Did You Know?
- Public Holidays in Scotland

In most countries, there are statutory holidays which are recognised by most of the population - Independence Day, Bastille Day, Labour Day etc. But the dates of public holidays in Scotland are not as easy as that!

Statutory Bank Holidays
There are Acts of Parliament which set out the dates of "Bank Holidays". These were first introduced in 1871 to lay down the days on which banks would be closed and so allow the payment of cheques and bills of exchange to be postponed by one day on these designated dates. Prior to the legislation, the dates had been at haphazard times in different parts of the country. When the Victorian Members of Parliament were debating the Act, they were most concerned that other organisations and the general public should not also regard these days as "holidays". Nevertheless, in England and Wales, these days did indeed become recognised as public holidays, soon after the "Bank Holidays Act" was passed - and are still called "Bank Holidays" as a result.

Local Holidays in Scotland
Not so in Scotland, however, where the old system of "Local Holidays" was perpetuated. The dates for these were (and still are) decided by local Chambers of Commerce which decide when they are going to take the annual "quota" of four days - and they are on all sorts of dates throughout the year. Indeed, the dates were often decided to ensure that shops in nearby towns were closed on different days. To this day, many Glaswegians travel to Edinburgh on a Glasgow Local Holiday - and vice-versa. Of course, the "Local Holidays" in a particular town may by chance coincide with a "Bank Holiday" - Glasgow usually has a local holiday on the last Monday in May which is also a Bank Holiday - but Edinburgh has a Monday holiday roughly in the middle of May instead.

"Bank Holidays" in Scotland and England
So, apart from Christmas and New Year (which are accepted by all across Scotland as a public holiday) the recognised, statutory holidays in Scotland are not followed by most businesses, offices, shops, local government and schools. And to add to the confusion, statutory bank holidays differ between Scotland and England and Wales. The dates designated in 1871 were:

Scotland - New Year's Day, Christmas Day, Good Friday, Monday in Whitsun week, First Monday in August.
England - Easter Monday, last Monday in May, First Monday in August, Boxing Day. Christmas day was not specifically included in the legislation as it was already a "common law" holiday (unlike Scotland).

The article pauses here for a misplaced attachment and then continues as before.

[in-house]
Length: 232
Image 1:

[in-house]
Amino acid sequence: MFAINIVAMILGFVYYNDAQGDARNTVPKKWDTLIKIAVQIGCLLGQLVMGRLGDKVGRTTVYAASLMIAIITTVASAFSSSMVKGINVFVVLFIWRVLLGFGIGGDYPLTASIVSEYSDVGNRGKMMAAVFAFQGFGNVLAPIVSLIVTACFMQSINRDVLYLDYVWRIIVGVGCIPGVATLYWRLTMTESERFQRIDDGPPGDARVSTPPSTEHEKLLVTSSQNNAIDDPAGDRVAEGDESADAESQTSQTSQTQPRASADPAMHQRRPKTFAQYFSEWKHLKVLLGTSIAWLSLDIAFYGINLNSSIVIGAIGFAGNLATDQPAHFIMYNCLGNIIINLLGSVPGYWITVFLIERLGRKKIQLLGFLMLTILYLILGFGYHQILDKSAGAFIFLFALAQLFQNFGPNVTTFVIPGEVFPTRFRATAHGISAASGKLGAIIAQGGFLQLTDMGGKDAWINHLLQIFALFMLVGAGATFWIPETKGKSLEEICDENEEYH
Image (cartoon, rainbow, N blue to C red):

In 1971, 1973 and 1976, further changes were made to the legislation which resulted in the following:

Scotland - additional holiday on 2 January and 26 December (Boxing Day) and the last Monday in May.
England - additional holidays on Easter Monday, first Monday in May and New Year's Day. The "Whitsun" holiday became standardised as the last Monday in May and the August holiday was moved to the last Monday in the month, instead of the first.

You will see, of course, that there is no holiday in Scotland to celebrate St Andrew (patron saint of Scotland) or William Wallace, the Declaration of Arbroath or Robert Burns etc. However, in 2006, the Scottish Parliament passed the St. Andrew's Day Bank Holiday (Scotland) Act 2007, which designated the Day as an official bank holiday. If November 30 falls on a weekend, the next Monday is a bank holiday instead. Although that day is a bank holiday under that act, banks are not required to close (and don't) and other employers are not required to give their employees the day off as a holiday. So it is more of a "voluntary public holiday" rather than a proper bank holiday. So far, few companies have negotiated the day as a staff holiday, though staff in Scottish government departments and a few local government authorities happily get an extra day off.

"Standardisation" by the Scottish Banks
As if there was not enough confusion over public/local/bank holidays, the Scottish banks decided a number of years ago that the days when Scottish and English banks had different dates for closing were causing problems with computer systems and they decided to "adopt" the English dates instead - opening on 2 January and first Monday in August and closing on Easter Monday and the last Monday in August. Despite a huge outcry, particularly regarding the opening on 2 January, they have maintained this, although not all branches are open on 2 January and some bank branches in Edinburgh open on the last Monday in August (when the Edinburgh Festival is full swing). Confused? We are too!

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